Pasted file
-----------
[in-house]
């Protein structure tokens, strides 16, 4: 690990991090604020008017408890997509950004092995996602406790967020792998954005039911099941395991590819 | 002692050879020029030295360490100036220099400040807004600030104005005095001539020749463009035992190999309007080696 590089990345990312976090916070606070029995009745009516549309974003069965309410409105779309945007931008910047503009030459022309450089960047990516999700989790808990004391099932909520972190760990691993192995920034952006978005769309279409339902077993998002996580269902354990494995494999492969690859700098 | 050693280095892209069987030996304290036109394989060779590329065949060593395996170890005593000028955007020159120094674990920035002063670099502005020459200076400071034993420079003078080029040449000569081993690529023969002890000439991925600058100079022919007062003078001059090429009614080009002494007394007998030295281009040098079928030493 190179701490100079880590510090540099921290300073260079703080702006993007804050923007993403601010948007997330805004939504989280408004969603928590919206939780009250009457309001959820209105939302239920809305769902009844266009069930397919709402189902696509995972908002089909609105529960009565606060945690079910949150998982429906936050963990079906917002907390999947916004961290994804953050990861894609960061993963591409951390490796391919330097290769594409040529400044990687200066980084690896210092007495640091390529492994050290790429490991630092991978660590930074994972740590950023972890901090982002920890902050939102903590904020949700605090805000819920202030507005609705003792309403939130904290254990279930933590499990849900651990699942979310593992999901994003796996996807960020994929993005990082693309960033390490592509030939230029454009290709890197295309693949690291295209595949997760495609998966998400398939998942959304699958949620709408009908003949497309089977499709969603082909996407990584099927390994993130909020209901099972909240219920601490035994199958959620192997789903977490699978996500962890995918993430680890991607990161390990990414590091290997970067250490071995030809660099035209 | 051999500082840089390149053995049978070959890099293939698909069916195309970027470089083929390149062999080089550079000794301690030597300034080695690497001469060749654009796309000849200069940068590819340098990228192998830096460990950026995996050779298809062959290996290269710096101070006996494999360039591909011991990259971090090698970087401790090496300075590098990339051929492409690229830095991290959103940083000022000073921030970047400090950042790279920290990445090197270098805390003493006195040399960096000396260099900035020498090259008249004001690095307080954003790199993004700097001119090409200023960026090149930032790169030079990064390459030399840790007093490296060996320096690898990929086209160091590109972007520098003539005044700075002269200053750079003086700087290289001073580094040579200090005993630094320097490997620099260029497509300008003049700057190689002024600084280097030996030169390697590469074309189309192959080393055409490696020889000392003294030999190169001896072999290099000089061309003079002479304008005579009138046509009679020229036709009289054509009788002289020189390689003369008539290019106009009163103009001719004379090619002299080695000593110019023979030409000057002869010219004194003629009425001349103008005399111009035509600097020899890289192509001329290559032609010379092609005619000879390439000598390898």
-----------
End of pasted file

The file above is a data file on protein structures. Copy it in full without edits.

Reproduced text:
[in-house]
């Protein structure tokens, strides 16, 4: 690990991090604020008017408890997509950004092995996602406790967020792998954005039911099941395991590819 | 002692050879020029030295360490100036220099400040807004600030104005005095001539020749463009035992190999309007080696 590089990345990312976090916070606070029995009745009516549309974003069965309410409105779309945007931008910047503009030459022309450089960047990516999700989790808990004391099932909520972190760990691993192995920034952006978005769309279409339902077993998002996580269902354990494995494999492969690859700098 | 050693280095892209069987030996304290036109394989060779590329065949060593395996170890005593000028955007020159120094674990920035002063670099502005020459200076400071034993420079003078080029040449000569081993690529023969002890000439991925600058100079022919007062003078001059090429009614080009002494007394007998030295281009040098079928030493 190179701490100079880590510090540099921290300073260079703080702006993007804050923007993403601010948007997330805004939504989280408004969603928590919206939780009250009457309001959820209105939302239920809305769902009844266009069930397919709402189902696509995972908002089909609105529960009565606060945690079910949150998982429906936050963990079906917002907390999947916004961290994804953050990861894609960061993963591409951390490796391919330097290769594409040529400044990687200066980084690896210092007495640091390529492994050290790429490991630092991978660590930074994972740590950023972890901090982002920890902050939102903590904020949700605090805000819920202030507005609705003792309403939130904290254990279930933590499990849900651990699942979310593992999901994003796996996807960020994929993005990082693309960033390490592509030939230029454009290709890197295309693949690291295209595949997760495609998966998400398939998942959304699958949620709408009908003949497309089977499709969603082909996407990584099927390994993130909020209901099972909240219920601490035994199958959620192997789903977490699978996500962890995918993430680890991607990161390990990414590091290997970067250490071995030809660099035209 | 051999500082840089390149053995049978070959890099293939698909069916195309970027470089083929390149062999080089550079000794301690030597300034080695690497001469060749654009796309000849200069940068590819340098990228192998830096460990950026995996050779298809062959290996290269710096101070006996494999360039591909011991990259971090090698970087401790090496300075590098990339051929492409690229830095991290959103940083000022000073921030970047400090950042790279920290990445090197270098805390003493006195040399960096000396260099900035020498090259008249004001690095307080954003790199993004700097001119090409200023960026090149930032790169030079990064390459030399840790007093490296060996320096690898990929086209160091590109972007520098003539005044700075002269200053750079003086700087290289001073580094040579200090005993630094320097490997620099260029497509300008003049700057190689002024600084280097030996030169390697590469074309189309192959080393055409490696020889000392003294030999190169001896072999290099000089061309003079002479304008005579009138046509009679020229036709009289054509009788002289020189390689003369008539290019106009009163103009001719004379090619002299080695000593110019023979030409000057002869010219004194003629009425001349103008005399111009035509600097020899890289192509001329290559032609010379092609005619000879390439000598390898």